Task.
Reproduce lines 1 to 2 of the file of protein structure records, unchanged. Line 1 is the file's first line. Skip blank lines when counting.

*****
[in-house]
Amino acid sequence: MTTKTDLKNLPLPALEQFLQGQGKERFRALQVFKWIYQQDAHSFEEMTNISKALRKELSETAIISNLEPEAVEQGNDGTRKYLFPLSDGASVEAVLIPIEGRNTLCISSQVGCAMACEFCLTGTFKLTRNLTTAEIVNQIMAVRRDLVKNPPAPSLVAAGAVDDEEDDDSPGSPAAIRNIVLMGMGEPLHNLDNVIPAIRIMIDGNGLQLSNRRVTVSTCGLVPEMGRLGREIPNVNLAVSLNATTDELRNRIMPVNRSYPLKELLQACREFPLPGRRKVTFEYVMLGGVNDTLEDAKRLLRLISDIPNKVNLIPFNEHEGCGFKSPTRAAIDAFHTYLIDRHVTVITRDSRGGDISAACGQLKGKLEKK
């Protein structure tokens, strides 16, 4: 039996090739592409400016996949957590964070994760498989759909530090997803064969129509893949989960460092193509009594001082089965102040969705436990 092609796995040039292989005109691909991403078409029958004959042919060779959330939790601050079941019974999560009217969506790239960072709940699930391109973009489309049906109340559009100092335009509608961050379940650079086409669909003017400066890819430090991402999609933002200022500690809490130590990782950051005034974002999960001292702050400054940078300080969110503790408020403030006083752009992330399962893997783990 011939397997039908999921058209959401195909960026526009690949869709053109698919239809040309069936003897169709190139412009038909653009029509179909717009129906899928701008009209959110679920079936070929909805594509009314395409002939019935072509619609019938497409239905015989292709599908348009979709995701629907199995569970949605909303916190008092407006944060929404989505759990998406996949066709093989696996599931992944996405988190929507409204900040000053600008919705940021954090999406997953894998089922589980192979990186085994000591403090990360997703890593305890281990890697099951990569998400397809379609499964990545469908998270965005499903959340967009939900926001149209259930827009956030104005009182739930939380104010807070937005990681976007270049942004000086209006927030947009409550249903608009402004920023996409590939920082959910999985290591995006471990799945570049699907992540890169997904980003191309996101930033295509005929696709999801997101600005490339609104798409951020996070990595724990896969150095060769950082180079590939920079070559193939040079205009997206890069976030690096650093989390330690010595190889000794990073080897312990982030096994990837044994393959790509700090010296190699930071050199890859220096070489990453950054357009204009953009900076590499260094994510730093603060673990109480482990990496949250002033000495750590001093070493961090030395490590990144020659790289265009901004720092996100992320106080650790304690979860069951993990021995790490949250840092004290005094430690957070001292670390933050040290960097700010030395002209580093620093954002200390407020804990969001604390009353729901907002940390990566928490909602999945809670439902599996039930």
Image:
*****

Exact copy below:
[in-house]
Amino acid sequence: MTTKTDLKNLPLPALEQFLQGQGKERFRALQVFKWIYQQDAHSFEEMTNISKALRKELSETAIISNLEPEAVEQGNDGTRKYLFPLSDGASVEAVLIPIEGRNTLCISSQVGCAMACEFCLTGTFKLTRNLTTAEIVNQIMAVRRDLVKNPPAPSLVAAGAVDDEEDDDSPGSPAAIRNIVLMGMGEPLHNLDNVIPAIRIMIDGNGLQLSNRRVTVSTCGLVPEMGRLGREIPNVNLAVSLNATTDELRNRIMPVNRSYPLKELLQACREFPLPGRRKVTFEYVMLGGVNDTLEDAKRLLRLISDIPNKVNLIPFNEHEGCGFKSPTRAAIDAFHTYLIDRHVTVITRDSRGGDISAACGQLKGKLEKK